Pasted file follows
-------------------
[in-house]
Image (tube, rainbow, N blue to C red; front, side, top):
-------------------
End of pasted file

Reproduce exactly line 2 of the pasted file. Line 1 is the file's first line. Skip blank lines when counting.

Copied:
Image (tube, rainbow, N blue to C red; front, side, top):